The problem with traveling in suspended animation is that it’s so damned inconvenient. You wake up hundreds of years later to find that the world you left behind has changed beyond all recognition, and to go back might mean the passage of yet more centuries. To me, this is what makes the idea so interesting. It’s a journey through both space and time, and it presents so many interesting challenges. You never know for sure exactly what kind of world you’re headed for. Even if the journey takes paltry ten years wars might have been fought and entire civilizations destroyed.
Hyperspace travel is probably the closest idea to FTL, with some writers/TV shows chosing to treat it as essentially the same idea. The major difference, of course, is that one doesn’t travel through space but rather through the space between space.
The most interesting approach to hyperspace travel I’ve encountered so far would have to be that taken by Babylon 5, in which hyperspace is represented as a huge extradimensional void essentially running parallel to normal space. This is an interesting narrative device in that it allows for the convenience of interstellar travel while creating new challenges of its own (such as the difficulties of navigating hyperspace) and without underestimating the vast nature of space.
If you’re looking for a no-frills point-to-point transportation system to take your characters out into the galaxy in the blink of an eye, no questions asked, a wormhole is pretty hard to beat. Wormholes work in pretty much the same way as hyperspace travel – cutting through the folds in spacetime.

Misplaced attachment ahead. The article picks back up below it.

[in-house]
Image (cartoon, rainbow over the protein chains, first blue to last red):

Wormholes can be land-based (like those in the Stargate franchise) or space-based (like the “jump gates” seen in Babylon 5) and they can be natural or artificial in origin. They can also be stable (connecting two fixed points, like Star Trek’s Bajoran Wormhole), unstable (jumping about the galaxy unpredictably, like Star Trek’s Barzan Wormhole) or user-controlled, allowing freedom of travel (as in Stargete SG-1 and Stargate Atlantis). Science fiction writers have also used wormholes to travel through time and even as a means of interdimensional travel (as in Sliders). In fact, you can do just about anything with a wormhole without raising questioning eyebrows.
This is a really useful and incredibly simple narrative device, and it’s much older than you might think. It’s essentially just a magic doorway, of the kind that used to lurk in wardrobes transporting juvenile idiots to the land of Narnia. It’s had a science fiction revamp since then, providing us with the visual metaphor of freaky blue space tunnel and a complex scientific explanation that nobody will question. Lazy science fiction writers love the fact that using this one world will automatically release them from the need to provide any explanation, description or scientific justification.
I first became aware of this idea when reading Phillip K. Dick’s novel ‘Our Friends From Frollix 8’.
We’ve all seen teleporters used to send dimwitted and ill-prepared Star Trek characters on dangerous away missions, but the use of this technology as a means of inter-stellar travel is somewhat rare. It makes perfect sense when you think about it – it allows you to cut spaceships out of the equation altogether. A transporter pad would probably have to be built at your destination before you could teleport yourself there, but there’s no reason why this process couldn’t be automated. Send a few highly advanced space probes out into the galaxy now and in a few hundred years you could have your very own network of Iconian gateways.